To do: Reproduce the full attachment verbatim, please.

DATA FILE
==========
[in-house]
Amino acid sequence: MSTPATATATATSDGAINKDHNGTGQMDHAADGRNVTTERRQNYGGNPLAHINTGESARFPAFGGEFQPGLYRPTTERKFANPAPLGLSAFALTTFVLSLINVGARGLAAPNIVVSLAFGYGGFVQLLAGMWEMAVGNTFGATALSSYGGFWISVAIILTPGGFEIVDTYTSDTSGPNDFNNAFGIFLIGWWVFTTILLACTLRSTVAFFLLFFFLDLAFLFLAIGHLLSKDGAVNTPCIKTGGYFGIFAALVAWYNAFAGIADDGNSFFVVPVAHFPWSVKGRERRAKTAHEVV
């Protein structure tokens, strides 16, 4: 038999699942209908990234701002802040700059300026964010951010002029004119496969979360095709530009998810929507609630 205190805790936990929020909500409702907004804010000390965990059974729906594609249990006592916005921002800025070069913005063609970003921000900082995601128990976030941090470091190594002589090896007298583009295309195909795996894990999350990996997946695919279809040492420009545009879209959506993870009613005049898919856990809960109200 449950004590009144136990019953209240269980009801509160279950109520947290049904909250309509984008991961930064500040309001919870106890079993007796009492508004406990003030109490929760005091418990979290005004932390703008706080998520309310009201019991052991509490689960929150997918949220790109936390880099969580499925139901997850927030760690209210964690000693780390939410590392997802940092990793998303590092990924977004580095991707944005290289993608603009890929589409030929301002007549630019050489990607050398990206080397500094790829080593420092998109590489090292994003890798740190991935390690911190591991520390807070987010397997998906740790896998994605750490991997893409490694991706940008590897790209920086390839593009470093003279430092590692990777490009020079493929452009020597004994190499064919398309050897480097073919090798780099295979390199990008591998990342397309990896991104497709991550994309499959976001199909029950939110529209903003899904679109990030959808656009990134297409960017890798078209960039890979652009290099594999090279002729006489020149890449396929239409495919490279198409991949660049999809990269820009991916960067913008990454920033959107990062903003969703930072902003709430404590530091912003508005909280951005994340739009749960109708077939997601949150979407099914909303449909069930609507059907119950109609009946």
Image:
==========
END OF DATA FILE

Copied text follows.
[in-house]
Amino acid sequence: MSTPATATATATSDGAINKDHNGTGQMDHAADGRNVTTERRQNYGGNPLAHINTGESARFPAFGGEFQPGLYRPTTERKFANPAPLGLSAFALTTFVLSLINVGARGLAAPNIVVSLAFGYGGFVQLLAGMWEMAVGNTFGATALSSYGGFWISVAIILTPGGFEIVDTYTSDTSGPNDFNNAFGIFLIGWWVFTTILLACTLRSTVAFFLLFFFLDLAFLFLAIGHLLSKDGAVNTPCIKTGGYFGIFAALVAWYNAFAGIADDGNSFFVVPVAHFPWSVKGRERRAKTAHEVV
């Protein structure tokens, strides 16, 4: 038999699942209908990234701002802040700059300026964010951010002029004119496969979360095709530009998810929507609630 205190805790936990929020909500409702907004804010000390965990059974729906594609249990006592916005921002800025070069913005063609970003921000900082995601128990976030941090470091190594002589090896007298583009295309195909795996894990999350990996997946695919279809040492420009545009879209959506993870009613005049898919856990809960109200 449950004590009144136990019953209240269980009801509160279950109520947290049904909250309509984008991961930064500040309001919870106890079993007796009492508004406990003030109490929760005091418990979290005004932390703008706080998520309310009201019991052991509490689960929150997918949220790109936390880099969580499925139901997850927030760690209210964690000693780390939410590392997802940092990793998303590092990924977004580095991707944005290289993608603009890929589409030929301002007549630019050489990607050398990206080397500094790829080593420092998109590489090292994003890798740190991935390690911190591991520390807070987010397997998906740790896998994605750490991997893409490694991706940008590897790209920086390839593009470093003279430092590692990777490009020079493929452009020597004994190499064919398309050897480097073919090798780099295979390199990008591998990342397309990896991104497709991550994309499959976001199909029950939110529209903003899904679109990030959808656009990134297409960017890798078209960039890979652009290099594999090279002729006489020149890449396929239409495919490279198409991949660049999809990269820009991916960067913008990454920033959107990062903003969703930072902003709430404590530091912003508005909280951005994340739009749960109708077939997601949150979407099914909303449909069930609507059907119950109609009946």
Image: